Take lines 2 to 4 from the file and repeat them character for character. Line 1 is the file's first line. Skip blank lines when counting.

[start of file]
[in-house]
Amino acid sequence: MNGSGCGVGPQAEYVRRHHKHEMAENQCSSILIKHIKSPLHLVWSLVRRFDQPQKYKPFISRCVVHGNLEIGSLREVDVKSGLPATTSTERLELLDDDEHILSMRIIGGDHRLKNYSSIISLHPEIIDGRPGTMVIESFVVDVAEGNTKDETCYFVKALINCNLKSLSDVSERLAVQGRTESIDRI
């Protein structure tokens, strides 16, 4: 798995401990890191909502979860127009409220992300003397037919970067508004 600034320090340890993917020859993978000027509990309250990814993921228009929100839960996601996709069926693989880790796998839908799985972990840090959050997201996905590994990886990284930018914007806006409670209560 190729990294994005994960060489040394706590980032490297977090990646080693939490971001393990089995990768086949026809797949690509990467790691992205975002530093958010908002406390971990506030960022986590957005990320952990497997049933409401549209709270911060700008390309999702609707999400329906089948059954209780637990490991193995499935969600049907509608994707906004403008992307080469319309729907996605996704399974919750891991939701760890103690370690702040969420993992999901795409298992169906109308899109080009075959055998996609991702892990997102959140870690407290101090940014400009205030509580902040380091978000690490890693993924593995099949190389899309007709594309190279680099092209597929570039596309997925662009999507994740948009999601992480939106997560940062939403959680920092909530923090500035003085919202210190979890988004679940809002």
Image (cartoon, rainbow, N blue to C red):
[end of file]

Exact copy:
Amino acid sequence: MNGSGCGVGPQAEYVRRHHKHEMAENQCSSILIKHIKSPLHLVWSLVRRFDQPQKYKPFISRCVVHGNLEIGSLREVDVKSGLPATTSTERLELLDDDEHILSMRIIGGDHRLKNYSSIISLHPEIIDGRPGTMVIESFVVDVAEGNTKDETCYFVKALINCNLKSLSDVSERLAVQGRTESIDRI
């Protein structure tokens, strides 16, 4: 798995401990890191909502979860127009409220992300003397037919970067508004 600034320090340890993917020859993978000027509990309250990814993921228009929100839960996601996709069926693989880790796998839908799985972990840090959050997201996905590994990886990284930018914007806006409670209560 190729990294994005994960060489040394706590980032490297977090990646080693939490971001393990089995990768086949026809797949690509990467790691992205975002530093958010908002406390971990506030960022986590957005990320952990497997049933409401549209709270911060700008390309999702609707999400329906089948059954209780637990490991193995499935969600049907509608994707906004403008992307080469319309729907996605996704399974919750891991939701760890103690370690702040969420993992999901795409298992169906109308899109080009075959055998996609991702892990997102959140870690407290101090940014400009205030509580902040380091978000690490890693993924593995099949190389899309007709594309190279680099092209597929570039596309997925662009999507994740948009999601992480939106997560940062939403959680920092909530923090500035003085919202210190979890988004679940809002």
Image (cartoon, rainbow, N blue to C red):